30. Pascal's bookie 30

    It may be that National’s billboard lack imagination, but I note they seem to have the entire NZ political blogosphere talking about whether or not they suck on purpose.

    Fixed.

  31. Anita 31

    Sarah,

    I think they’re brilliant. You don’t need to use your imagination all of the time. Just get the point across.

    Ok, so committed National voters (like you) get the point, and committed-not-National voters (like many other people here) say they’re bollocks.

    Neither of those groups actually matter.

    The question is what the reaction of uncommitted or soft voters is.

    My hunch (feel free to have a different one) is that they billboards are too visually and message weak – people who don’t already care simply won’t notice them or pay attention to them. They fade into the wash of car, radio, supermarket and bank billboards. One of the reasons the Ansell billboards worked so well last time was that they stood out. These risk being background noise.

  32. Lew 32

    Anita: As I watched some TV programme last night which was sponsored by Bond+Bond, I reflected upon the fact that the background to the latest billboard (blue with white +es) was similar to the Bond+Bond colours (blue with light blue +es, if I recall).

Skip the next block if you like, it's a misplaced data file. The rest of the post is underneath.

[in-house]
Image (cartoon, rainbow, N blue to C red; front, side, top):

L

  33. Anita 33

    Lew,

    You tricked me into looking at the Bond+Bond website: it hurt my eyes!! 😉 Who in their right mind would use that particular blue without at least some fading, let alone a dirty lime 🙁

    But yes, plenty of similarities, including pages with “>>Locate” on them and fake handwriting. I wonder if they used the same firm. It is much more memorable (and hideous) that the Nat billboards tho.

  34. Lew 34

    Anita: There’s scope for mashup billboards, here. The Nat billboards with some of the B+B slogans, like:

    Wave goodbye to higher taxes. Instant gratification available now!

    Get them into training. Perfect for rockstars!

    I might mock some up when I get back from the beach.

    L

  35. Anita 35

    Lew,

    Get them into training. Perfect for rockstars!

    Hee! 🙂

  36. Pascal's bookie 36

    There’s scope for mashup billboards, here.

    heh